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Mama Tayé's Elder's Prayer - Sharing Four

Mama Tayé's Elder Prayer - Sharing Four
by Tayé Foster Bradshaw

The crispness of the air ushers us into the change of seasons and forces us to acknowledge that we are part of a massive universe, only a dot in the atmosphere of time. In so pausing to remember that we did not create the sun that warms us, the breeze that cools us, and the moon that soothes us, we also pause to remember that we also did not get here alone and must honor, respect, and thank those who walked before us, must remember and honor the path they set out and the example they set, must humble ourselves in our momentary slumber, lured away form the righteous cause by the trinkets dangled before us and the promises unkept.
This day that greets us with heavy minds and heavy hearts as news of yet another brother meeting an untimely end at the end of a weapon, we are reminded of the reason we gathered together in unity and peace to fight for those who have no voice and to march for those who have no legs. We are one and as one will move as a school in the vast ocean of hate, discrimination, and violence that threatens the very lives of our being. We are greater than hate, violence, and discrimination when we stand together, locked arm-in-arm and surrender our individual for our collective.
Let us who are awake and conscious support those on the front lines with our resources of time and talent and tenth. Let us know that this is a marathon that we will win as we collectively take one step toward our goal. Let us know that when our legs weaken and buckle under the weight, that our brother and sister will be there to catch up, lift us up, and if necessary, carry us forward. Let us honor the connected selves of we the people of the sun, kissed by the warmth of the ancients.
In a moment of serenity and thoughts of the sea from which our ancestors crossed, the circle of souls in the dark deep, causing the waves and the currents to carry on their mourning cry, let us honor those voices and feel in our spirit the sojourn toward right justice.
This is not a swift end nor a quick answer. Let us not grow weary in our well doing and let us remain patient in our walk together with each other even as those booming voices speak out our truth and demand answers for the unjust actions upon our persons.
Wishing hate and demise upon no one, we proudly, boldly, and confidently proclaim also our right to full personhood, life , liberty, and that pursuit of happiness that is ingrained in the hallmark of the land filled with the blood of the darker brothers, the tears of the darker sisters. Let us carry forward.
Reminding ourselves and each other of the divine order of time that brought us to this place, let us link hearts and arms, join together in this United Front, and push toward that goal. We know we face opposition and patronizing offers of a token carrot when our people have been starving without bread, we know we face those who think this will go away and the sons of the street remind us they are still there, the daughters of the mic remind us they are still there. We will not stop,
Hold fast, hold on, and journey on, my great and mighty people.
Walk on, run on, and carry on, my daughters and sons of the earth's kiss.
Talk on, sing on, and write on, my sisters and brothers with the scribe's voice.
We are one, one, one and we will remain and it is so.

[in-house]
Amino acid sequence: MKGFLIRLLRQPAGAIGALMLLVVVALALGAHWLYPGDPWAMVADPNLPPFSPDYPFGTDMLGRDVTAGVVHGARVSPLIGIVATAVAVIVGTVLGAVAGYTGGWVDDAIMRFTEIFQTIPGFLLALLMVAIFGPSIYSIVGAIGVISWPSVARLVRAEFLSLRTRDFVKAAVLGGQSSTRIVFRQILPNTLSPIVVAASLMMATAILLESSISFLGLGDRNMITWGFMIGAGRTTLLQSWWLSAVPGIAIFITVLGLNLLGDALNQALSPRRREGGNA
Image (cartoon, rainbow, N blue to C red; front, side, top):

Asé, Mama Tayé's Elder Prayer.

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The Burden

This isn't mine anymore

What?

This.

She stretched out her hands
the parcel neatly wrapped
brown paper
with a
red bow

What is this?

Take it, it is your's.

But

No, it is not mine to carry
Anymore

What do you mean?

I mean that I am giving it back
it was never mine
anyway

I don't understand

You never did.

I don't want it.

Take it.

No.

So she
dropped
it
right
where
she stood.

And turned
and walked away.

The package was never her's to hold.
So she let it go.


Tayé Foster Bradshaw is the poet's nom de plumme. She resides in a suburb of St. Louis surrounded by her family, her books, her pens, and her lattes.

This poem is inspired by the lives and burdens of many women, particularly women of color, who are forced to carry the cares, thoughts, and expectations of others without regard to their own wants, needs, and health. This poem is a release.




Black Mama Tears

It rained this afternoon

Loud claps of thunder

Almost couldn't see the rain

For my tears falling down

Black Mama Tears

too many

dying

in their sleep

on a run

at a store

too many

stopped

just walking

just working

just breathing

It rained today

And I couldn't see

for all the weeping

of

Black

Mamas.

Bridges by Tayé Foster Bradshaw

Walking
across time
Bringing me to you
or
you to me
over a way through-
tears and fears
to bring us to
the other side of possibility
probability
reality
reality
crossing
structures
through
over
under
hold on
don't look down
look down
walk on over
dance on over
wheels on over
over over over
water and roads and
all the modes that
bring
me
to
you
or





you
to
me
collectively
connected
collaborating
across
the great
wide
way


©2016. Tayé Foster Bradshaw Group, Antona Smith. All Rights Reserved.

Bridges used to scare me as a little girl. In the town where I grew up, in order to get from my neighborhood over to the swimming pool or summer activities, we walked. I was always fine until we reached the crest of the hill and that looming structure that connect roads-to-roads, over cars zooming beneath, promising me opportunity on the other side, if I just trusted the weight of my tiny skinny nine-year-old self against the wind blowing or the sun streaming over this manmade steal structure.  My l…